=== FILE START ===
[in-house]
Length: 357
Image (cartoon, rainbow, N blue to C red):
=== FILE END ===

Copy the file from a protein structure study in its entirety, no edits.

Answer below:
[in-house]
Length: 357
Image (cartoon, rainbow, N blue to C red):